The kale conspiracy
Wednesday, July 18, 2018
Kale has reached that point on the popularity curve where people are hating it because its popular.
Once, it was easy to file away this dark-green leafy vegetable as just some hippie food, but now it’s everywhere. Still, many people don’t enjoy eating it. And sometimes these haters get triggered by people who do.
For some reason it’s natural to resent success in others, and kale is a wildly successful species. Forget conspiracy theory. The ascendence of kale is a conspiracy fact.
Whether you’re in it for the fiber, the calcium or the social statement, you still have to actually swallow it. So it isn’t a matter of putting kale in everything, as much as putting everything, or anything, into kale that will make it more palatable. Because regardless of what the haters and the trolls would like you to believe, the more kale (and leaves like it) that you eat, the healthier you will be.
In terms of health impact, almost anything that can be said about kale can be said about collard greens, chard, spinach, turnip greens, broccoli leaves, and many others. But the following tactics are tailored to kale specifically, and focus on consuming between three and six kale leaves per day.
Novices may want to start by massaging their kale, for a softer salad. Squeezing and rubbing the leaves with your hands will break the cells, releasing enzymes that begin cutting up those fiber chains. Massaging with salt and lime juice increases the effect, and since both of those are in the dressing there’s no reason not to.
The dressing consists of olive oil, lime or lemon juice, and salt. Vinegar, while acidic, makes a terrible substitute for lime or lemon. My wife typically doubles down on the salt by adding feta or parmesan cheese to the salad. And she adds onion, because something needs to stand up to all of that fat and fiber.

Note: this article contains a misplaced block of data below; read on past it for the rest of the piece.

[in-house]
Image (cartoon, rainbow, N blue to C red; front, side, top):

Strip the leafy parts from the stem and mince six leaves of kale. Use half a cup of olive oil, a quarter cup of lime juice, and salt to taste. If you want to massage it, take a quarter-cup of dressing and rub it in. Then toss in the rest, and add extras like cheese, onion, olives or sun-dried tomatoes.
Cooking kale with bacon recalls the Southern dish of collards and ham hock, and that’s no coincidence. Pork and brassicas—a plant family that also includes cabbage, cauliflower, broccoli and Brussels sprouts—is a winning combination. I usually make a mix of soy sauce, fish sauce, oyster sauce, sesame oil, and rice vinegar or lime juice.
Rip the leafy parts off the stem of three or so kale leaves, and mince the leafy parts. Cut bacon into little pieces and fry. When it’s half-cooked add the garlic, and lay the kale on top. When it wilts down, stir it around, season with black pepper, hot pepper, and finally pour in your sauce. Those leaves will shrink way down, and look even smaller as soon as you take your first bite.
There isn’t enough space for me to tell you how to make green smoothies and kale chips. Suffice it to say, if you really want to make the green medicine go down easy, you can do worse than make your kale taste like ice cream and potato chips.
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